Psychological Impact On Substance Abuse Prevention

1164 Words Oct 17th, 2015 5 Pages
Psychological Impact

According to Federal Center for Substance Abuse Prevention, women are the fastest-growing segment for substance abuse in the United States. About 2.7 million women in the United States abuse drugs or alcohol. Women typically enter rehab sooner than men, but they have more psychological distress, and are more likely to suffer from a mood or anxiety disorder (Liff, 2012). Most research on gender-based differences in addiction treatment has focused on organizational issues (such as the greater need to provide women with child care and employment training) rather than on pharmacology. Where addiction really takes a toll is emotionally and spiritually. When a woman is an alcoholic or addict, it can impact the entire family, since women are generally the nucleus of the family. Women start using for different reasons, often due to shame and stigma. Tanya says addiction has had a huge psychological impact on her. In many ways she feels traumatized. The teenager says she put herself in dangerous situations that she never would have been in if she wasn’t under the influence. One night she went home with a man she had just met so she could get high. That’s when it happened. The man forced himself on Tanya and she had no way to escape.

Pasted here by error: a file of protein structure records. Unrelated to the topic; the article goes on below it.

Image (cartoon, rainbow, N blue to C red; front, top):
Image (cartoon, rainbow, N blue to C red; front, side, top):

Besides depression, addicted women are more likely to experience co-occurring disorders such as dissociation, post-traumatic stress disorder, other anxiety disorders, eating disorders, and personality disorders. Mood…
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